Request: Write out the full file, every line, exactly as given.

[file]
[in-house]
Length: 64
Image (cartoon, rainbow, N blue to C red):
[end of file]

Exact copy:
[in-house]
Length: 64
Image (cartoon, rainbow, N blue to C red):